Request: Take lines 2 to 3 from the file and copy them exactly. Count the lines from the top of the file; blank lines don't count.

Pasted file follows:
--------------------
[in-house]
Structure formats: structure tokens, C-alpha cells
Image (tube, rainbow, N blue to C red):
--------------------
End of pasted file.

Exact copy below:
Structure formats: structure tokens, C-alpha cells
Image (tube, rainbow, N blue to C red):